UN Secures IT’s Role In Limited Copenhagen Agreements


Even getting IT on the agenda at the UN talks was a “painful challenge” according to insiders

Despite being labeled largely a failure in terms of securing a legally binding international agreement over curbing carbon emissions, there were some small successes at Copenhagen in terms of highlighting the importance of IT in helping tackle climate change according to UN insiders.

In an email sent to eWEEK Europe UK, UN agency International Telecommunications Union (ITU) liaison officer OECD, Catalina McGregor said that her organisation had managed to negotiate the inclusion of references to IT in UN Framework Convention on Climate Change (FCCC) documents resulting from the Copenhagen negotiations. The documents refer to “existing technology, technology transfer and financial support” and “future technologies, cordination and development of new technologies”, said McGregor.

“We started with nothing 8 weeks ago in Barcelona. It was discouraging and difficult. No one had any idea what ICT could do to help deliver and just getting ‘ICT as an enabler’ on the Agenda was a painful challenge,” she said. “Today with COP 15 behind us I can announce that the UN ITU have obtained the key insertions we were looking for. It has been a success but it took determined appeals accross many boundaries and groups both large and small. The COP 15 environment is exactly as the PM recently said it was- ‘a truly complex negotiating process’ on every front.”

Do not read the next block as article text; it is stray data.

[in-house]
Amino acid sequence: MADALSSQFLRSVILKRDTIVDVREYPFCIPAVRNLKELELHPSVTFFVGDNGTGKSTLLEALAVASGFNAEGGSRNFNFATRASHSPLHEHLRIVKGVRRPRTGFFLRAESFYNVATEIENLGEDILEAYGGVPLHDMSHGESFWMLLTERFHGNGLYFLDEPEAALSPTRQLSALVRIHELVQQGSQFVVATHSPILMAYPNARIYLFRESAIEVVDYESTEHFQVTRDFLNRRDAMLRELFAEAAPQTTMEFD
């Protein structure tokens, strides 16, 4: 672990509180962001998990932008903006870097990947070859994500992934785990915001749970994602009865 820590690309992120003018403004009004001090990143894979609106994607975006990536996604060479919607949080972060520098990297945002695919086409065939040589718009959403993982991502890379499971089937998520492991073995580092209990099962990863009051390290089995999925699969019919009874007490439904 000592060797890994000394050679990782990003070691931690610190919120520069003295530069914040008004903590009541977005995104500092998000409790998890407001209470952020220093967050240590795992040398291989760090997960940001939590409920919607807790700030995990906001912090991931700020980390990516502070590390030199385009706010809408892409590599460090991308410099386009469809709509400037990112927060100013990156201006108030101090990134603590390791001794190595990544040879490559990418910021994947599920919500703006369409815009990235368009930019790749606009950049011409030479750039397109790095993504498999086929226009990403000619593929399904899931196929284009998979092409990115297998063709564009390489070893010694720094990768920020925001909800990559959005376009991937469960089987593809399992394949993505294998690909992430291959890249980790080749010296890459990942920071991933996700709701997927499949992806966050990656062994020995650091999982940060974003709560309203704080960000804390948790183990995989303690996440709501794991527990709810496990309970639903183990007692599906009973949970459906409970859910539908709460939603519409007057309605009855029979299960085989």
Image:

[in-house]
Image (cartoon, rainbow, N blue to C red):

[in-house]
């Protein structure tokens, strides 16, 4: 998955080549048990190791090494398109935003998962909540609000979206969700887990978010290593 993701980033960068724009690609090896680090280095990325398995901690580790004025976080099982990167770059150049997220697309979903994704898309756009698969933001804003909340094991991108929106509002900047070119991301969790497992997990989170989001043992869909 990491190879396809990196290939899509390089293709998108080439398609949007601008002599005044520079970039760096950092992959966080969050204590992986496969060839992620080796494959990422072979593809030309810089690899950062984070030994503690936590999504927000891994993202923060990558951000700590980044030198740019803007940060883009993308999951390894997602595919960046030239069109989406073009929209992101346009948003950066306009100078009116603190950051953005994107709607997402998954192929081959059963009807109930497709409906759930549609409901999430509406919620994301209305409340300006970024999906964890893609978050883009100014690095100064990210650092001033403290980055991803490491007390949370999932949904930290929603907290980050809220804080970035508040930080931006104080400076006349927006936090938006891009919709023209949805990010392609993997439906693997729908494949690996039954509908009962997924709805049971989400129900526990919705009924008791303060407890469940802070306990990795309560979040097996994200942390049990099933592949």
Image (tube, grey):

In November, McGregor and other UN insiders voiced concerns about the lack of awareness and inclusion of the role of IT in climate change in the documents released ahead of the Copenhagen talks. “We need IT on the COP15 agenda,” said McGregor. “The funding door may close if it is not there.”


McGregor (on the right), who is also founder of the UK government’s Green ICT delivery unit, has also revealed details of a Green ICT workbook which includes the latest version of the EU code of conduct for data centres, as well as advice on how to reduce emissions in every area of ICT, from printers to mobile phones which is planned for release in January. The government’s recommendations are based on research from a number of countries. The ITU has completed a standard methodology for measuring the energy consumption of individual products throughout their life cycle – from manufacture right through to disposal – and will now expand that model to include raw materials, packaging and transport.

Speaking ahead of the Copenhagen talks, Malcolm Johnson (left), director of ITU’s Telecommunication Standardization Bureau (TSB), said that a team of ITU experts will work proactively with delegates at the talks for the duration of the two-week event to raise awareness of the importance of ICTs. The TSB also stated that it is working with industry leaders to develop a standardised international methodology for measuring ICT carbon footprint, and hopes to seal an agreement on this new methodology in April 2010.

Also speaking ahead of the conference, ITU secretary-general Dr Hamadoun Touré, urged COP15 delegates to consider how ICT could be used to reduce emissions worldwide. “Put simply, ICT is the single most powerful tool humankind has at its disposal to avoid potential climate catastrophe.”

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